Previous studies into depression and migraine have suggested there is a link between the two disorders. A new study looking at twins may have found a reason for the depression-migraine connection. Continue Reading
Q. I have had migraines for approximately 20 years. I have bad months in which I have 6-10 days of headaches. The last month has been better since I started on Topamax for migraine prevention. However, I am feeling anxious and wondering if there is an anti-anxiety medication that is recommended. What are your thoughts about BuSpar and Paxil? Continue Reading
Q. I have had chronic daily headaches and migraines with aura for years. I also have fibromyalgia, TMJ (temporomandibular joint syndrome) disorder and irritable bowel syndrome (IBS). All of these involve chronic pain. I take Relpax® for the migraines, which helps a lot with the aura and works okay for the headache. I also take Cymbalta® for depression, but haven’t noticed any pain relief from it. The only other medication I seem to tolerate is Advil®. Since I have a headache “24-7”, with no beginning or ending, I never really know what causes it. How many pain relievers (like Advil) do you have to take to get a rebound headache? I never take more than two a day, but I wonder if taking them for several days makes my headache worse. I want to do anything I can to prevent an already difficult situation from getting worse. Continue Reading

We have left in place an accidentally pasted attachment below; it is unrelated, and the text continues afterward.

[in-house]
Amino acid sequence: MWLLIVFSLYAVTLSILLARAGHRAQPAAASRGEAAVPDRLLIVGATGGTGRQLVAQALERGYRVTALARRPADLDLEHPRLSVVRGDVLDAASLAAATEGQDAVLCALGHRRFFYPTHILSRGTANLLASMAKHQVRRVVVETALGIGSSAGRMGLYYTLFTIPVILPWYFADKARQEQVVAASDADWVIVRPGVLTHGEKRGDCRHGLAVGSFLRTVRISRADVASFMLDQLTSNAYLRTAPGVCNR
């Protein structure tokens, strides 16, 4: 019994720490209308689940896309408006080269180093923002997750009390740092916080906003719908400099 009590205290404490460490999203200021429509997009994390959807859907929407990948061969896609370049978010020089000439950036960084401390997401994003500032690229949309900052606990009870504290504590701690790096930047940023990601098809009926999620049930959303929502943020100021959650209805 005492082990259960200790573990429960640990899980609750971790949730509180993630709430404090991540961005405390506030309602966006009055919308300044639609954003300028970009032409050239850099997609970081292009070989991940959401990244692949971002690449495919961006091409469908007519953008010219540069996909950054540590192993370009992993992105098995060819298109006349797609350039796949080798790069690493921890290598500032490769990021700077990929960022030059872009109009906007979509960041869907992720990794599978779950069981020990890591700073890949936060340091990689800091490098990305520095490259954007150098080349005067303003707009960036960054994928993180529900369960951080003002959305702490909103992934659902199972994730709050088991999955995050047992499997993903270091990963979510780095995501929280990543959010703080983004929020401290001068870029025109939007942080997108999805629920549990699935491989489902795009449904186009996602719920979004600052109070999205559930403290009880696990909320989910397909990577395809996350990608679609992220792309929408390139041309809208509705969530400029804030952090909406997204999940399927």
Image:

Patients with bipolar disorder suffer from migraine more often than individuals without the mental health disorder. Additionally, migraine is linked with more frequent and severe depression among those with the mood disorder. Continue Reading
Migraine is linked to an increased risk of suicide and other self-inflicted injuries, according to researchers at Oxford University in England.
While certain psychiatric illnesses, such as depression, bipolar disorder, and schizophrenia, increase the risk by five times of self-harm, common physical illnesses also elevate the risk. In a recent study, patients with epilepsy were about three times more likely to intentionally harm themselves, while people who have migraine or asthma were nearly twice as likely to do so. The study indicates that the skin disorders psoriasis and eczema also carry an increased association, as do inflammatory conditions such as arthritis. Continue Reading